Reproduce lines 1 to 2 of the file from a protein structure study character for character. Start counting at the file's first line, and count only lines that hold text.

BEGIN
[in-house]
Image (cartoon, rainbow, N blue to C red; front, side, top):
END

[in-house]
Image (cartoon, rainbow, N blue to C red; front, side, top):